Review: Pride and Prescience: Or, A Truth Universally Acknowledged, by Carrie Bebris

First, a definition:

Prescience is the full knowledge of all possibilities…. Throughout history a number of cultures have believed that oracles have possessed this ability. It is one of a number of psychic phenomena studied by parapsychology. Although there is no scientific evidence for prescience, this has not prevented a huge number of people in the modern world from believing in astrology and visiting fortune tellers.

When I brought this book home from the library, my girls asked what the title meant.  I told them that I didn’t know exactly, I only knew it was supposed to be a mystery novel centered around the characters from Pride and Prejudice.  After trying to read this book, though, I wish I would have looked at the title as closely as my children.  To mix Elizabeth and Darcy with anything that leaned towards oracles, psychic phenomena, astrology, or fortune tellers?  That, my friends is just wrong.  But one thing at a time.

I don’t believe that Barris presumed to think anyone would mistake her voice for Jane Austen’s.  Any of the modern books that try to follow the characters and storylines from Austen’s classic novels seem built on the premise of “We all know her stuff was better, we’re just trying to have some fun here.”  And I think Barris did a fairly decent job of keeping true to the characters…I mean, sort of.  It wasn’t horrible.  But it was like listening to a stand-up comic doing a passable imitation of someone else that is truly famous.

Other reviews I’ve read for this novel lambast Barris’ disregard for keeping with the proper vernacular of Austen’s time.  This wasn’t an element of the novel that bothered me the most, but it did cross my mind.  Like little weeds creeping up through fertile soil, modern snippets of conversation – or even just exposition – periodically slid into Barris’ attempt at writing circa-Austen.  (ie:  one description of Darcy “spooning” up next to Elizabeth as she slid into bed)

So, the writing wasn’t terrible, the characters were recognizable, but things for me started to unravel with the format of the mystery.  Nothing really smooth about many of the plot “twists.”  More like blazing red arrows hovering above heads as if to say, “Look at me!  Listen to me!  I may be someone you want to remember for later!”  Barris may as well have put big asterisks next to each conversation about gothic novels, too – as if to say, “HINT HINT HINT….COME AND GET YOUR DARK, SPOOKY, MYSTERIOUS FILL RIGHT HERE!”.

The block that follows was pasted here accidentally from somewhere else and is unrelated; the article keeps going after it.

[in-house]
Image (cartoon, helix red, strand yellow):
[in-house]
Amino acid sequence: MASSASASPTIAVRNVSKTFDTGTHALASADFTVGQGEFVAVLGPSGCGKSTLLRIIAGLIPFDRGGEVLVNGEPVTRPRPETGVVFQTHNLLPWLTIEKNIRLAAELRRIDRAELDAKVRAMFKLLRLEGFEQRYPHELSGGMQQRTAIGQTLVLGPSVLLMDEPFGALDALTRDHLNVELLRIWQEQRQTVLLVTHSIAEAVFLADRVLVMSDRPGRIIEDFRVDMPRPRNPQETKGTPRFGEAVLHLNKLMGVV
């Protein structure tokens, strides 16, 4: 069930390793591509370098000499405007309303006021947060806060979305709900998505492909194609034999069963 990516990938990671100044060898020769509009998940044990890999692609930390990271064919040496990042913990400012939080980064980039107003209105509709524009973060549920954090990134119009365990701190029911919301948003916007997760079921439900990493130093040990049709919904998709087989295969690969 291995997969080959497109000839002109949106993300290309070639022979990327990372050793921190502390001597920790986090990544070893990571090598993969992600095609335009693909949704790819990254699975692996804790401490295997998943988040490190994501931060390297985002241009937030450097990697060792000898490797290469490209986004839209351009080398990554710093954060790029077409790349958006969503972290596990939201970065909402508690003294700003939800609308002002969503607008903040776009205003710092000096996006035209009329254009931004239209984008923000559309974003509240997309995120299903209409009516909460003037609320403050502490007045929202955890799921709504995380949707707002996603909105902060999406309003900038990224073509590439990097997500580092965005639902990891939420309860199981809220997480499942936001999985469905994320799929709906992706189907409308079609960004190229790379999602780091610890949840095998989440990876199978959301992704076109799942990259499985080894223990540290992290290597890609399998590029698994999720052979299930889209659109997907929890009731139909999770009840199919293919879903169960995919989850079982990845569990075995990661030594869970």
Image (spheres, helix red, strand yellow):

After a while, it just got plain silly.  Right down to the part where the Darcys corner the bad guy and he spills out all his dastardly plans in a two and half page monologue.  And I like me some fantasy elements here and there, in the right place and with the right story.  But OH. MY. WORD.  This story ends with some incredibly laughable magical explanations for everything that has happened to the Darcys in ye olde Regency England.  And Elizabeth’s final thoughts of the book made me wince and give woe unto the idea that there’s more to come.  “In quiet moments, however, she sometimes withdrew Professor Randolph’s amulet and pondered his parting words to her.  ‘I believe you have a gift,’ he had said.  ‘A very powerful one.  Should you ever choose to cultivate it, let me know.’  Perhaps one day she would.”

Let me just tell it to you like this:  in my opinion, this book isn’t much more than The Darcys Meet Scooby Doo and Gang.  If only I’d had the prescience of mind to know that before I bothered to waste my time!!

Amazon details:
Paperback: 288 pages
Publisher: Forge Books (May 1, 2007)
Average Customer Review: 3 stars, based on 62 reviews
Amazon.com Sales Rank: #108,680 in Books
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North By Northanger, or The Shades of Pemberley: A Mr. & Mrs. Darcy Mystery by Carrie Bebris
These Three Remain: A Novel of Fitzwilliam Darcy, Gentleman by Pamela Aidan
An Assembly Such as This: A Novel of Fitzwilliam Darcy, Gentleman by Pamela Aidan
Duty and Desire: A Novel of Fitzwilliam Darcy, Gentleman by Pamela Aidan
Jane and His Lordship’s Legacy (Jane Austen Mysteries) by Stephanie Barron

  • I tend to avoid all such takeoffs on classic lit. They’re just trying to capitalize on the popularity of the original and especially for books/authors that I enjoy, I don’t want anything tainting my experience of them.

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